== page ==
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Howard’s End?

By Mark Solomon | August 31, 2015 | 12:55 PM | Categories: Transportation

Imagine if the former editor and publisher of the Journal of the American Medical Association wrote an op-ed in the New York Times charging the physician community with being a threat to public safety, the AMA with blocking regulators’ efforts to make physician practices safer, and Congress with coddling doctors?

The trucking crowd was treated to this type of surreal scene nine days ago when Howard S. Abramson, who spent 16 years as editorial director of Transport Topics, which is owned by the American Trucking Associations (ATA) and considered trucking’s bible, penned a piece for the Times’ op-ed page excoriating the industry for “consistently” resisting efforts to improve road safety, and Congress for doing the “trucking industry’s bidding by frustrating” the regulators tasked with overseeing it. The column had the headline “The Trucks Are Killing Us,” and a drawing of a truck’s cab with a grill in the shape of a skeleton’s face.

If something was needed to shake off the summer slumber, this was it. Abramson, who also spent a number of years as Transport Topics’ publisher before leaving ATA in 2014, was blasted across the trucking spectrum from the executive offices of ATA to other trade journals. It became, for a couple of days at least, the talk of the somewhat clubby transportation journalism fraternity of which Abramson was a part, and who many still know well.

For full disclosure, this blogger worked for and with Abramson in the late 1980s and through the mid-1990s at two other publications. Here’s what is not in dispute: Abramson is a stellar journalist. He has deep experience covering all transport modes from every angle. He understands the business and journalistic sides of trucking. He is tough, and can be caustic, combative, and combustible. And he is nobody’s shill; he told this blogger several years ago that one of his biggest challenges was to keep Transport Topics independent from the state trucking associations that would want the magazine to serve as a mouthpiece for the industry’s line.

It is the reputation of Abramson’s fierce independence that may resonate long after the hubbub over his incendiary piece dies down. The trucking industry is locked in a fierce, emotional, and seemingly endless battle with safety advocates and the railroads over legislative and regulatory issues concerning highway safety. In fact, trucking is coming off a successful legislative period where it got a lot of what it wanted from Congress, namely a delay in the implementation of certain adverse regulations and an advancement of language allowing longer twin trailers on all of the nation’s federal-aid highways. For someone of Abramson’s prominence, and one so closely tied to trucking in so many ways, to use arguably the nation’s most powerful op-ed page to slam the industry is of no small matter to its lobbyists. Abramson was not a casual observer of the trade. Nor was his view colored by personal tragedy as so many anti-truck types who lost a loved one in a truck-related incident. He was an insider’s insider, with access few could match. That is influence the railroads and safety advocates couldn’t buy if they tried. As Congress returns from summer recess to attempt to pass a long-term transport funding bill, it will be interesting to see what impact, if any, Abramson’s column will have on lawmakers and on the status of pending truck safety legislation.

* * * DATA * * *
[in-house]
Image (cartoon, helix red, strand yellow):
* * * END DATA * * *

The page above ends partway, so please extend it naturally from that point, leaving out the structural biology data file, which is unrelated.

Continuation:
Abramson’s critics—and there a few—will say that he’s been gone from Transport Topics for 18 months, and that his power left with him. Others will call him a hypocrite, claiming he supported the industry when he needed a paycheck and turned on it only when there was nothing to lose. In e-mail exchanges, Abramson said he had felt this way for some time but couldn’t go public with his views while employed at ATA. He denied his column was an attack on the industry. “What I did was to write an opinion piece about a specific area of concern for me, and one that I believe should be a deep concern for anyone who drives on our roads,” he wrote.

Abramson stressed that he doesn’t want to put the industry out of business, that he is aware of trucking’s importance to the economy, and that he has a “deep understanding of the complexities the trucking industry faces.” But true to form, he’s not backing off. “I believe the trucking industry has done much to impede highway safety improvements … rather than supporting technologies that would lessen car-truck crashes, elements of the trucking industry have spent great energy thwarting their use,” he said. “I believe trucking has missed the opportunity to be seen as a partner with the motoring public in efforts to make our roads safer, and has made itself an adversary in this regard.”

Abramson called his op-ed a “service to the more responsible segments of the trucking industry,” saying some industry insiders and truck drivers share his view that special interests that put profits over safety are blocking efforts to employ available, proven, and affordable technology and processes that would reduce the number and severity of truck-related accidents. He also professed wonder at the backlash to his column. “In my many years of covering the trucking industry, I have often been baffled by the inability of those who run it to deal with constructive criticism,” he said.

And what about that slash-and-burn headline augmented by the skull and crossbones-like caricature? Abramson said the Times, like many publications, develops its own headlines and graphics. As one who has spent many hours working with Abramson, this blogger can attest to the truth of that statement.



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